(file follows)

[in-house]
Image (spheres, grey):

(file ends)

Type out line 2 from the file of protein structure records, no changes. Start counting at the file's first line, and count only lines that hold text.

Image (spheres, grey):